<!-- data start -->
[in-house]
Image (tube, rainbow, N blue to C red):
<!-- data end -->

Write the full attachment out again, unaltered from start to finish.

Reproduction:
[in-house]
Image (tube, rainbow, N blue to C red):